swap space

Linux and other Unix-like operating systems use the term “swap” to describe both the act of moving memory pages between RAM and disk, and the region of a disk the pages are stored on. It is common to use a whole partition of a hard disk for swapping. However, with the 2.6 Linux kernel, swap files are just as fast as swap partitions. Now, many admins (both Windows and Linux/UNIX) follow an old rule of thumb that your swap partition should be twice the size of your main system RAM. Let us say I’ve 32GB RAM, should I set swap space to 64 GB? Is 64 GB of swap space really required? How big should your Linux / UNIX swap space be?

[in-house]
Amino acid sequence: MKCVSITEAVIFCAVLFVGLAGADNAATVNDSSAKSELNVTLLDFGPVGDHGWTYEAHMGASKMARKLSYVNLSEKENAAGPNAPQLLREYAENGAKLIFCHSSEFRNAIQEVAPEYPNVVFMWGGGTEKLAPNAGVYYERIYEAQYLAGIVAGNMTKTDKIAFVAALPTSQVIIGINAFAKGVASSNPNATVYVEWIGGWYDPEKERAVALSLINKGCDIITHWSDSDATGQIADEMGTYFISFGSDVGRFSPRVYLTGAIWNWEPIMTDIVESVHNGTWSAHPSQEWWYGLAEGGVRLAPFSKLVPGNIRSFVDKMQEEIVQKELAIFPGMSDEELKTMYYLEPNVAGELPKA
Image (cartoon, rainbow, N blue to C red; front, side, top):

Recently updated/posted Linux and UNIX FAQ: Linux display or change a pre-login message – /etc/issue file PostgreSQL add or create a user account and grant permission for database How do I unzip multiple / many files under Linux? Ubuntu Linux Vim Sorry, the command is not available in this version: syntax on How to format […]


Whenever a Linux system CPU is occupied by a process, it is unavailable for processing other requests. Rest of pending requests must wait till CPU is free. This becomes a bottleneck in the system. Following command will help you to identify CPU utilization, so that you can troubleshoot CPU related performance problems.